Making Memories

SUN 5/29
Some people celebrate Memorial Day by grilling hot dogs and drinking copious amounts of beer. And there are others who lobby for a return to the Memorial Days of the past, when three-day weekend was not the, um, reason for the season. Both patriots and partyers will find something to like at Celebration at the Station, an entertainment-filled night starting at 7:30 Sunday at Union Station (30 West Pershing Road). The Kansas City Symphony takes the stage for a patriotic program (yes, that includes “The Star-Spangled Banner”), then plays through the fireworks display at 9 p.m. Call 816-460-2020 for more information. — Rebecca Braverman

Dress for Success
What’s black and white and helps all over?

SAT 5/28
Terrance Vick wants to take care of two problems: a lack of classy hangouts in Kansas City and a lack of funds for his favorite charities. He’s solving both issues with Saturday’s Black and White Celebrity Summer Explosion, which benefits Faith Academy and Leah’s House, a residence for homeless teen mothers and their children. Champagne starts flowing at 7 p.m. at the Emerald House (3620 Main), where the revelers include Dennis Rodman, the MTV Power Girls and NBA players Earl Watson and Tyronn Lue. Salsa instructors are on-site for attendees who want to try out a few new moves to the sounds of DJ Rice or the jazz group Jabon. Just make sure to leave the tennis shoes and blue jeans in the closet — this event is for people older than 27 who want to look nice, preferably in black and white attire. Admission starts at $30. Call 816-965-5854 to make a reservation.—Neil Mulka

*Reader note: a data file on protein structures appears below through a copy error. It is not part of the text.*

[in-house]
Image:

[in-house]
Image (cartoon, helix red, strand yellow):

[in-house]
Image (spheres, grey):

Shrine On

5/26-5/28

A rodeo, a carnival, a car show and a beer garden: sounds like the ingredients for a wild weekend. Throw in a crafts fair, and things risk turning into utter pandemonium. The 45th annual Shrine Rodeo Days, Thursday through Saturday at the Wyandotte County Fairgrounds (1405 North 98th Street in Kansas City, Kansas), mixes all the necessities for a proper Midwestern to-do. Besides stomach-unfriendly rides such as the Tilt-A-Whirl and the Spider, there are 42 booths of handicraft madness, open for business at 6 p.m. weekdays and noon Saturday. The rodeo starts at 7:30 each night and costs $10 for a smorgasbord of horse racing, steer roping and kids (small children, not goats) riding sheep. Saturday’s car show is open to all contenders and offers prizes for the bossest rides. Admission to the fairgrounds is free; parking costs $1. Call 913-362-5300 for tickets and other details. — Christopher Sebela

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